Of the Sacred Slogans we have addressed so far, none are as socially significant as “tikkun olam.” Tikkun olam literally translates to “repairing the world,” which is ambitious as it is open to interpretation. Despite the fact that there is no commandment mandate anywhere in Biblical1 or Rabbinic literature for Jews to undertake tikkunolam,2 some have understood it as a universalist mandate for the Jewish people. For example, according to Mordechai Kaplan, the founder of Reconstructionist Judaism, “We cannot consider ourselves servants of the Divine King unless we take upon ourselves the task ‘to perfect the World under the Kingdom of the Almighty.”3 Nearly 60 years later, R. Richard Hirsch asserted, “God has chosen us for a sacred mission: Tikkun Olam, to complete the universe. This concept of Tikkun Olam as the collective mission of the Jewish people has permeated every movement in Jewish life.”4
With the extensive literature discussing tikkunolamconstantly growing, a discussion of how the term has evolved would be a worthy study in its own right.5 However, my focus here is what did the idiom mean in its original context, with a focus on its practical implementations.
In the Spring Semester of 2011 I had the honor of addressing the NYU Jewish Law Students Association for a weekly series covering Economics and Social Justice in Jewish Law. Below are the links to the specific lectures in the order given with audio and PDF source sheets available. As always, comments are welcome. If there is interest in me delivering any of these lectures or the entire series in person, please contact me directly.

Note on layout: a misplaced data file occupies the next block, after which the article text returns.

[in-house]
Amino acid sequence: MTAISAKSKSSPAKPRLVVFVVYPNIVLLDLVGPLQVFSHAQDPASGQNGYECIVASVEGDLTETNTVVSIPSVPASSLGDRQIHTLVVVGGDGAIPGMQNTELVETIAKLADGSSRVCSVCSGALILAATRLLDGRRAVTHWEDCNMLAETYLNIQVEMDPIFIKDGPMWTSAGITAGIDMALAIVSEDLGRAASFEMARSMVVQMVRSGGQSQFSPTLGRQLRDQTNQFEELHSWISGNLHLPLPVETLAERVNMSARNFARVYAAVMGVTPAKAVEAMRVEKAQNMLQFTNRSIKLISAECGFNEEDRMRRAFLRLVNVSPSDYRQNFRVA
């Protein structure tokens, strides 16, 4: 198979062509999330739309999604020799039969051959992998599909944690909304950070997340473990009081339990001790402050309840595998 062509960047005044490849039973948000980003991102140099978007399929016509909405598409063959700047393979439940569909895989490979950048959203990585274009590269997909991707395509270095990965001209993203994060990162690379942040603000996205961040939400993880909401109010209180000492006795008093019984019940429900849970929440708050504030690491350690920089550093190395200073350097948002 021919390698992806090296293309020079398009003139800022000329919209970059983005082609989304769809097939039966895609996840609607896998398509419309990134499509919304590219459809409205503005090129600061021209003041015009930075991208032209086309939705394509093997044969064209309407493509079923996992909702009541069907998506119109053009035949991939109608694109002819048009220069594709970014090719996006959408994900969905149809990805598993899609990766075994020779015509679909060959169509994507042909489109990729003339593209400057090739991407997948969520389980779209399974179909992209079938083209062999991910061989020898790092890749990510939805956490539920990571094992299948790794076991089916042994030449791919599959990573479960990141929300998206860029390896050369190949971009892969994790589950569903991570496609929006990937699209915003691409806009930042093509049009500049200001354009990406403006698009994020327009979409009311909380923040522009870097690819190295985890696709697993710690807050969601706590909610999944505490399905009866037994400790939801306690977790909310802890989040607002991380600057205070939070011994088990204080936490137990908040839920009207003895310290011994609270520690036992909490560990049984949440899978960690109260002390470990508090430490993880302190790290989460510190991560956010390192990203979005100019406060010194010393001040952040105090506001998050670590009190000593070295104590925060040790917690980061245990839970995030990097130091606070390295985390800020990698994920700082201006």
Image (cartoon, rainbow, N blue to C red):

In the fourth installment of his Economics and Social Justice series, Rabbi Yuter discusses the concept of charity / tzedakah in Judaism from a holistic perspective, exploring the parameters of charity in creating a just social order.
In part 3 of his Economics and Social Justice series, Rabbi Yuter addresses the topic of Jewish Labor Laws from a holistic perspective, balancing the rights and obligations of both the employer and the employee.
Rabbi Josh Yuter begins his special lecture series on Economics and Social Justice in Judaism with an introduction to methodology and a demonstration of a free market ethos existing within the Rabbinic legal tradition. Audio and sources included.
A few months ago I wrote a short article for the Institute for Jewish Ideas and Ideals’ new journal Conversations. The purpose of this journal is to promote communal dialogue on various issues facing the Jewish community. Unlike the Edah/Meorot journals, the journal is supposed to be more accessible than academic and so I was given two editorial conditions:1. keep it short and 2. no footnotes.
As longtime blog readers know, that last condition was a tough one to overcome.
At any rate, I’m posting my article “A Fair And Balanced Approach To Jewish Social Justice” and I plan on revisiting the motivations for the article at some later point.